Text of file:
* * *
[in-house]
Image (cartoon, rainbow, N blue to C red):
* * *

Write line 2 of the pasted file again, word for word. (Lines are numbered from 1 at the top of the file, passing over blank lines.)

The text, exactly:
Image (cartoon, rainbow, N blue to C red):